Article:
The Push for Cleaner Air in Muncie, Indiana
Exide Technologies operates a secondary lead smelter in Muncie, Indiana, that recycles lead from batteries. The recycling is beneficial, but unfortunately, the facility has multiple violations of the Clean Air Act that have led to excess air emissions of lead, particulate matter, volatile organic compounds, and dioxins/furans. (See a timeline of Exide Technologies operations here.)
Lead is toxic to the nervous system, particularly for young children. Particulate matter harms respiratory and cardiovascular health, and dioxins/furans are carcinogenic and damaging to the reproductive and immune systems.
The lead emitted into the air can settle out onto soil. An investigation at a similar Exide lead smelter in California has found contaminated soil in neighborhoods downwind. More than 200 properties are now having their soil tested as a result.
The US Department of Justice proposed a consent decree in March, 2015, that would improve pollution controls at Exide Muncie, but the decree does not include the current best practices. Secondary lead smelters elsewhere are having excellent results using wet electrostatic precipitators or WESP. The RSR Corporation lead smelter in Indianapolis uses a WESP and has submitted data to the EPA showing that it reduces arsenic by 98% and lead by 99%. They have had similar results with a WESP at their smelter in southern California.
The harmful heavy metal and hydrocarbon emissions from secondary lead smelters don’t come just from their smoke stacks. They also come from what is called ‘fugitive emissions’. This has been demonstrated by monitoring equipment placed at the fence lines of lead smelters. Fugitive emissions can be effectively controlled by enclosing all of the lead processing and carefully controlling dust.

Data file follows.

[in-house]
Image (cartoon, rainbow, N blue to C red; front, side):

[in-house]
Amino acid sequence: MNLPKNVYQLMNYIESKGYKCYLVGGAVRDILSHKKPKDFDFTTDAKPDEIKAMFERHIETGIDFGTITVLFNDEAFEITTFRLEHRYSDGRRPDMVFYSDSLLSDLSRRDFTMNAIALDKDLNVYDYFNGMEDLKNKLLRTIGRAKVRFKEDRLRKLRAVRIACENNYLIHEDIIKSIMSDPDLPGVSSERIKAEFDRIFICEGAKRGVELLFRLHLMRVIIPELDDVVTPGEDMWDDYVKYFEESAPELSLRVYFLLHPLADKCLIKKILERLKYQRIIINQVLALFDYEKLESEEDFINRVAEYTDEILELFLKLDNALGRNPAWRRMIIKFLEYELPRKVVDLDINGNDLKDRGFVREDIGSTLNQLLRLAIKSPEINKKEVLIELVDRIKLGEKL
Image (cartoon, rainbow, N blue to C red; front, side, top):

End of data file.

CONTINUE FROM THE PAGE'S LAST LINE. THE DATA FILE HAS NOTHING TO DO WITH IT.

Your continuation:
The Hoosier Environmental Council organized a coalition of ten health and environmental organizations in April, 2015, calling for strengthening controls at Exide Muncie by requiring WESP and fence line monitoring. Read the coalition’s comments to the Department of Justice here.
California Department of Toxic Substances Control (2015). Latest News on Exide. https://www.dtsc.ca.gov/HazardousWaste/Projects/UpdateExideSuspension.cfm
Centers for Disease Control and Prevention (2015, May). Lead. http://www.cdc.gov/nceh/lead/
Centers for Disease Control and Prevention (2014, April). Particle pollution. http://www.cdc.gov/air/particulate_matter.html
Complaint, United States v. Exide Technologies, No 1:2015-cv-00433-TWP-TAB (S.D. Ind. Mar. 16, 2015), ECF Dkt. No. 1.
Ketterer, M.E. (2006). The ASARCO El Paso Smelter: A source of local contamination of soils in El Paso (Texas), Ciudad Juarez (Chihuahua, Mexico), and Anapra (New Mexico), Summary Report.
Letter from Hoosier Environmental Council and coalition to US Attorney Randall Stone (2015, April). Re: United States and the State of Indiana v. Exide Technologies, D.J. Ref No. 90-5-2-1-11003 – Comments on Proposed Consent Decree.
Smith, D.B., Cannon, W.F., Woodruff, L.G., Solano, F., Kilburn, J.E., & Fey, D.L. (2013). Geochemical and mineralogical data for soils of the conterminous United States: U.S. Geologic Survey Data Series 801, 19p., http://pubs.usgs.gov/ds/801/
US Environmental Protection Agency (n.d.). Toxics Release Inventory. http://iaspub.epa.gov/triexplorer/tri_release.chemical
World Health Organization (2014, June). Dioxins and their effects on human health. http://www.who.int/mediacentre/factsheets/fs225/en/